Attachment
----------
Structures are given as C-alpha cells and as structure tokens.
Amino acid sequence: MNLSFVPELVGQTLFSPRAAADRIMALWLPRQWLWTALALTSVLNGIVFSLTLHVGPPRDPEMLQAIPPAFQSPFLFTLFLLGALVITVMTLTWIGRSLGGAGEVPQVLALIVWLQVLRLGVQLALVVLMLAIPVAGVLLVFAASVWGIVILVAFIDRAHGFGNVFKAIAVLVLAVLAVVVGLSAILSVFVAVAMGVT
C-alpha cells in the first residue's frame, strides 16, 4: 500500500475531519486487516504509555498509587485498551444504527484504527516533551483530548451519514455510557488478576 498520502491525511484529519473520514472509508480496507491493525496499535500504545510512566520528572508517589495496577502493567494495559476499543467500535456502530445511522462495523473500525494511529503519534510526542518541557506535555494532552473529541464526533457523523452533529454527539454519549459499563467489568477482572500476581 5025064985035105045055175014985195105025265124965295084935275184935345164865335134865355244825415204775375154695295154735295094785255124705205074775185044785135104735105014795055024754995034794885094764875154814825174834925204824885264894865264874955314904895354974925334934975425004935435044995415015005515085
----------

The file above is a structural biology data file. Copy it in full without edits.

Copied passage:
Structures are given as C-alpha cells and as structure tokens.
Amino acid sequence: MNLSFVPELVGQTLFSPRAAADRIMALWLPRQWLWTALALTSVLNGIVFSLTLHVGPPRDPEMLQAIPPAFQSPFLFTLFLLGALVITVMTLTWIGRSLGGAGEVPQVLALIVWLQVLRLGVQLALVVLMLAIPVAGVLLVFAASVWGIVILVAFIDRAHGFGNVFKAIAVLVLAVLAVVVGLSAILSVFVAVAMGVT
C-alpha cells in the first residue's frame, strides 16, 4: 500500500475531519486487516504509555498509587485498551444504527484504527516533551483530548451519514455510557488478576 498520502491525511484529519473520514472509508480496507491493525496499535500504545510512566520528572508517589495496577502493567494495559476499543467500535456502530445511522462495523473500525494511529503519534510526542518541557506535555494532552473529541464526533457523523452533529454527539454519549459499563467489568477482572500476581 5025064985035105045055175014985195105025265124965295084935275184935345164865335134865355244825415204775375154695295154735295094785255124705205074775185044785135104735105014795055024754995034794885094764875154814825174834925204824885264894865264874955314904895354974925334934975425004935435044995415015005515085